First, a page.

Using Timber to Bridge India and the Russian Far East
India is one of the world’s largest importers of timber, having imported over 3 mn cubic meters of tropical logs in 2016 and 346,000 cubic meters of tropical veneer. As a significant end user of timber products, India has hit 2.5 mn cubic meters consumption of tropical plywood over the recent years.
The bulk of imports have traditionally come from countries like Malaysia, Myanmar, Ghana, Ecuador, Costa Rica, Côte d’Ivoire, the Solomon Islands and Papua New Guinea. However, the industry has faced difficulties in securing raw material, with supplies of teak from Myanmar, previously a major supplier, plunging in 2015 in response to log export restrictions imposed in the country. Further to this, the reduction in availability and rising costs of log imports from the state of Sarawak, Malaysia has led to an increase in India’s imports from other major supply sources.
This opens up opportunities for suppliers in the far east region of Russia, which enjoys an abundance of timber resources. Russian forests constitute over 20% of the total global forest area, which is several times more than in any country with a leading timber industry, like the US, Canada, China, Sweden, or Finland.
With a recent orientation towards exports, development of a good resource base and a stable demand, the Russian timber industry has demonstrated a steady production growth; with the harvest reaching 214 mn cubic meters of wood in 2016, a record high for the last 20 years.
The Ministry of Industry and Trade in Russia has initiated various steps to promote the timber industry that includes subsidized interest rates on loans for producers and financial aid in priority investment projects (especially in the Far Eastern Federal District), and project finance. Other measures include incentivizing the production of high value-added products as well as advanced and innovative products such as nano pulp, biofuel, high-quality paper and cardboard. Efforts are being made towards the improvement of the forest legislation and industry management system. Russia’s Ministry of Natural Resources predicts a 50% increase in the timber harvest from each leased hectare by 2030, if the aforementioned measures are implemented effectively.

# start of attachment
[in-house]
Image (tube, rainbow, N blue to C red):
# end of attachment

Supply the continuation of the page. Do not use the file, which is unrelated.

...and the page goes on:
With the restricted availability of logs from Myanmar, Indian manufacturers have been investing in manufacturing facilities in Myanmar, Lao PDR, Vietnam, Indonesia and Gabon. Such investments may now be channelized towards the Russian Far East to capitalize on the abundance of resources and build India-Russia cooperation through trade.
China, the largest importer of Russian timber, has gained an early mover’s advantage. An example of this is the construction of the Asinovsky Timber Industrial Park in the Tomsk Region with an annual timber procurement and processing volume of 4.5 mn cubic meters. The main investor is China’s AVIC International, which manages the project through its Russian branches, RosKitInvest and Khenda-Siberia.
Stakeholders in India will have to reorient their investments and import strategies to compete with the dominance that their Chinese counterparts enjoy in the Russian Far East. There is an increasing sentiment inside Russia to diversify and not only focus on the Chinese market. This paves the way for increased bilateral investments between India and Russia that can supplement the political closeness that the nations already enjoy.
India’s growth in timber consumption in 2016 was underpinned by robust private and public consumption. Consumption was supported by lower energy costs, public sector salary and pension increases, and favorable monsoon rains, which boosted urban and rural incomes. Economic activity also benefited from a pickup in foreign direct investment (FDI) and an increase in public infrastructure spending.
According to The International Tropical Timber Organization’s Market Information Service (MIS) reports, India’s housing and construction sector is a significant plywood end user and activity had slowed in 2015-2016 but is expected to pick up in 2017-18, particularly in the Northern and Western regions of the country. Investment in the affordable housing segment of the construction market is expected to be boosted by government tax incentives and access to lower interest financing for projects.
The India-Russia Business Dialogue that took place on 22 December 2017 in New Delhi highlighted the need for the business community to catch up and build on the bedrock of the strong political ties between the two nations. Sergey Cheremin, a minister of the Moscow City Government, who is also the head of the Department of International Economic Relations of the Moscow City, led the engagement between the industry stakeholders during the Dialogue. He stressed on the need to tap into the potential of bilateral trade between the Russian Far East region and India.
The increasing demand for timber in India along with the Russian Government’s programs to prioritize the industry’s development makes timber the ideal resource to build this bridge between India and the Russian Far East.